SERIOUSLY MEAN T-BUCKET W/ A BLOWN 350 & 2-4s, AUTO, GREAT BUILD, LOTS OF CHROME
The T-bucket is one of the most enduring and endearing styles in all of hot rodding. Generally acknowledged to be the creation of Norm Grabowski in the 1950s, T-buckets are the essence of the hot rod: big engine, big tires, and a minimalist body to keep weight to a bare minimum. The idea has always been that the T-bucket was built from scavenged parts, but many of them, such as this 1923 Model T roadster, just look too well-finished to be junkyard dogs.
The shape is archetypal T-bucket, with the tall, vertical windshield and stubby pickup truck bed out back. Nobody's really sure how that came to be, since Ford pickups never looked like this, but today it's the accepted style of the T-bucket and it just looks right. Despite its retro look, this one was recently built and carries a bunch of upgrades that they could only dream of in the 1950s. The paint is traditional black with old-school flames, which is a nice change from either the primer black that has recently come back into fashion, or the excessively metallic hues that characterized T-buckets of the '60s and '70s. In fact, just about everything on the car has an old school look, although details like the wheelie bars out back and open headers suggest that there's some serious blasting powder in that small block Chevy. The traditional Model T radiator shell is chrome, as is the front suspension, headlights, and taillights, and it does have traditional pinstripe detailing on the stubby bed out back.
In their back-to-basics style, many T-buckets had bare interiors with nothing more than a blanket for upholstery and if you were lucky, maybe an oil pressure gauge. Not so here, where there's beautiful button-tufted red upholstery and a full array of gauges keeping an eye on the small block up front. Stitched up like a wrap-around sofa, the seats are nicely done, and this one even features a custom-tailored carpet set that helps with noise and heat. The doors, of course, are simply for show, because no true T-bucket driver does anything other than hop over the sides and hit the road, so the side panels are a continuous piece of the design. There's a traditional spoon-style accelerator pedal, upright steering column with Grant GT steering wheel, and a hidden AM/FM/CD stereo, just in case the drive isn't entertaining enough.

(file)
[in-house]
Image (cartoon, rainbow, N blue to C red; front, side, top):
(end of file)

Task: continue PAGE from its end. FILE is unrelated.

The engine is a 350 cubic inch Chevy V8 topped by an old-school style Weiand 6-71 supercharger and dual quads up top. Chrome dress up includes the air scoops and flamed valve covers, and the headers are designed to get attention; you can hear this one fire up from the other side of the planet! It's happy to run all day on pump gas, and stays cool thanks to a custom radiator stuffed inside the Model T frame. The transmission is a quick-shifting 3-speed automatic feeding a chrome rear end with custom ladder bars keeping it in line. Up front, a transverse leaf spring supports a traditional tube axle with disc brakes. And the only rolling stock you can put on a T-bucket are skinnies up front and massive meats out back; in the case of this car, they're 165R15s in front and gigantic 33x19.5-15 Mickey Thompson meats on shiny Center Line aluminum wheels.
T-buckets are as popular today as they ever were, and their combination of outrageous looks and potent performance makes them a real party to drive. Anywhere you go in a T-bucket you'll make friends, and the nostalgia alone is worth the price of admission. Call today!
- Engine Type
- Engine Size
- 350 V8
- Body Color
- Body Style
- 11,648 (Unknown)
- Interior Color
- Seating Type
- Seat Material
- Shifter Type
- Center Console